Rice's Ali-like left jab to his then-fiancée's kisser is but a blip on the crime screen of the hoodlum-saturated National Football League. Stuff like this, and worse — much worse — has been going on at an accelerating pace since at least the late seventies.
Poor Ray just happened to get caught on tape. Heck, his "mentor" (Ray Lewis) pled guilty to obstruction of justice in a double homicide case in 2000 and got off without jail time in exchange for testifying against two friends. And now, to rub insult into the wounds of decency, he has been immortalized with a statue next to that of the legendary Johnny Unitas in front of M&T Stadium in Baltimore.
Thuggery has been a trademark in the NFL and NBA for decades. Who can forget Latrell Sprewell nearly choking his coach to death, Ron Artest ("Metta World Peace") jumping into the stands and starting a brawl with fans, Ben Roethlisberger mysteriously not being able to avoid crossing paths with women who accuse him of rape, and, of course, Aaron Hernandez, now sitting in prison awaiting trial on first-degree murder charges, to name but a few of the more infamous acts of thuggery in pro sports?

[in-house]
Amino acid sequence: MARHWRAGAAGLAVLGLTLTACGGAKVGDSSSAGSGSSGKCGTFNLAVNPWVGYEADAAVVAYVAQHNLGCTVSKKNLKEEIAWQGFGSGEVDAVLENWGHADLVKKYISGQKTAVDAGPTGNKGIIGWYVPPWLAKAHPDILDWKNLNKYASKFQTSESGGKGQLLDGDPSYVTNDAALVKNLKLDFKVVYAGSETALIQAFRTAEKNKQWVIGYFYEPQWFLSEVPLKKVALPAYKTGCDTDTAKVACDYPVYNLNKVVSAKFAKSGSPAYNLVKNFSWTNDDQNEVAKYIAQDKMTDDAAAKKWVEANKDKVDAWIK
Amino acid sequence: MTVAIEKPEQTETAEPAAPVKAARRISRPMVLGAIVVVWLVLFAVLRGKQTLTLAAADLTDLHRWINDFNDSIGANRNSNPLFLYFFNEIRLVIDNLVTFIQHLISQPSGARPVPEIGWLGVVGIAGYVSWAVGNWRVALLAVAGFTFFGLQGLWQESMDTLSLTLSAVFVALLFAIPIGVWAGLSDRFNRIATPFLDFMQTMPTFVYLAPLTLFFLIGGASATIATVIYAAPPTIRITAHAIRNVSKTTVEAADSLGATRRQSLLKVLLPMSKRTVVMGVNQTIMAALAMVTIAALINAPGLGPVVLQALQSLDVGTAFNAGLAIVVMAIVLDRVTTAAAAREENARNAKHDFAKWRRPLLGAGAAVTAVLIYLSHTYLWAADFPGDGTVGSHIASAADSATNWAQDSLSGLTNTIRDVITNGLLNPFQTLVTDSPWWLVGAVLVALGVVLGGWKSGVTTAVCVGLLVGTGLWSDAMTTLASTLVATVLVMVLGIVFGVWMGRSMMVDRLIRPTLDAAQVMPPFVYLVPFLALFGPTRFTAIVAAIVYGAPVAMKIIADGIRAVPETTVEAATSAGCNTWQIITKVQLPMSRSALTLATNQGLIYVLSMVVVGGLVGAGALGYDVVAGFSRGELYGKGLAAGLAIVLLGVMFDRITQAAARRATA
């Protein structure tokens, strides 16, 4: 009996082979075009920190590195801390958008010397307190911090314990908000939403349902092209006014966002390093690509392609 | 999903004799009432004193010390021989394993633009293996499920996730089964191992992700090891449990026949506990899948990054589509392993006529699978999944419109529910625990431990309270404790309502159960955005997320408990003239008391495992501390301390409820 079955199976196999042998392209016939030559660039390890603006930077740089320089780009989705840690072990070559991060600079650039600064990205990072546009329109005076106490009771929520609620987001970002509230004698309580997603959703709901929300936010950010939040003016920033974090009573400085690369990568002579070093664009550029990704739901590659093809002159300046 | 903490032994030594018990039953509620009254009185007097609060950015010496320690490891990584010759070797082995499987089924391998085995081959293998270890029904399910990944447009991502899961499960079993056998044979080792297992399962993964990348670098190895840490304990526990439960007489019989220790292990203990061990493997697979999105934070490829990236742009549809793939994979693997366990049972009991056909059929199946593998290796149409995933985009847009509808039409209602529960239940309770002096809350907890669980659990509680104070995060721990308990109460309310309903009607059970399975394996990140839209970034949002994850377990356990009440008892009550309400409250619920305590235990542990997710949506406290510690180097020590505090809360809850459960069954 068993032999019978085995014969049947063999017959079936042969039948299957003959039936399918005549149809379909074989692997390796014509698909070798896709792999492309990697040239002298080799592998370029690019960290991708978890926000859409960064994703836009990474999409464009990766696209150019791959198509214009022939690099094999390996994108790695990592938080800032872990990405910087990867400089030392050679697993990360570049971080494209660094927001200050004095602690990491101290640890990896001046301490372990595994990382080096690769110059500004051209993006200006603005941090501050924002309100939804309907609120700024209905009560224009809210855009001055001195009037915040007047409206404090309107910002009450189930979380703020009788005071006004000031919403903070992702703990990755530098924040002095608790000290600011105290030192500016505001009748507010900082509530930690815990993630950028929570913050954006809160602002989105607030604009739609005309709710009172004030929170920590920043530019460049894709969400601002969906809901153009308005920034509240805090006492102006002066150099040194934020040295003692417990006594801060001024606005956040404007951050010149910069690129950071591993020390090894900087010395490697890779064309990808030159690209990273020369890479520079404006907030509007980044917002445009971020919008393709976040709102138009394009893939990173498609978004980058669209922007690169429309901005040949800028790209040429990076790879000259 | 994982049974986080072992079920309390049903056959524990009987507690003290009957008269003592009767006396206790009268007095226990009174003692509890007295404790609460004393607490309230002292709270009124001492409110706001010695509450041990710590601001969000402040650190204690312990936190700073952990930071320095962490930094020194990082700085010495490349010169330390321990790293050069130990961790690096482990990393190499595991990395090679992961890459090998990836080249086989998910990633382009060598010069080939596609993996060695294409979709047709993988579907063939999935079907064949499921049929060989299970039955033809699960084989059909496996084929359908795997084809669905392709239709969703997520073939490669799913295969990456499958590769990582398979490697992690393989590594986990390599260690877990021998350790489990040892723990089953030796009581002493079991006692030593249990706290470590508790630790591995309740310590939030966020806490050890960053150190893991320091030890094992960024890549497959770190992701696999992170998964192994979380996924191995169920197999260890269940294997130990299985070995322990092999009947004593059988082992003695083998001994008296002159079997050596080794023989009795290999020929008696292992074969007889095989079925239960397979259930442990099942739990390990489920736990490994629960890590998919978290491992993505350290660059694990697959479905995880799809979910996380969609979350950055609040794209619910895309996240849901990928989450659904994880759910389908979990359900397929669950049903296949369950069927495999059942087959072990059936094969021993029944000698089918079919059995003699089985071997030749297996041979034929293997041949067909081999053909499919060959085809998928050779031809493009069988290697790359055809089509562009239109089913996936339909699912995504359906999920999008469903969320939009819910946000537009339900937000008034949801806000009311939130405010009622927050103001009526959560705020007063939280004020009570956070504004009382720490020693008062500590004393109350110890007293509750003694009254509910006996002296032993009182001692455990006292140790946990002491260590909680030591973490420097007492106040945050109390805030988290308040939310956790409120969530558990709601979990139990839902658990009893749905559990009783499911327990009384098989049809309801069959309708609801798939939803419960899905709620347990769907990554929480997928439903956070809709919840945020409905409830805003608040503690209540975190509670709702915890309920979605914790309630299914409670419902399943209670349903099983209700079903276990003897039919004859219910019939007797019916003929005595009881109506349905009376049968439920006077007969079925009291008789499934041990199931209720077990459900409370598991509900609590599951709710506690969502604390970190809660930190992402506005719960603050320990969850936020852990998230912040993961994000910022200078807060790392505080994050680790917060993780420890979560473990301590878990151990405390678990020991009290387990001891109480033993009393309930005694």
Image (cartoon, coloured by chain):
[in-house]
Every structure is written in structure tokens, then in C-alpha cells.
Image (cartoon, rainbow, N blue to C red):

What most everyone misses is that violent acts such as these are just symptoms of an underlying condition — the decadent, thug culture in professional sports that the power structure not only allows to flourish, but encourages.